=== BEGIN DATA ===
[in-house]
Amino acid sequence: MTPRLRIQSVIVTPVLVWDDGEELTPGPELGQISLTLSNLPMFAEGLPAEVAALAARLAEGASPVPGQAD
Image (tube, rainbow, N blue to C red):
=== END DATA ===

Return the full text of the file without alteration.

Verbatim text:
[in-house]
Amino acid sequence: MTPRLRIQSVIVTPVLVWDDGEELTPGPELGQISLTLSNLPMFAEGLPAEVAALAARLAEGASPVPGQAD
Image (tube, rainbow, N blue to C red):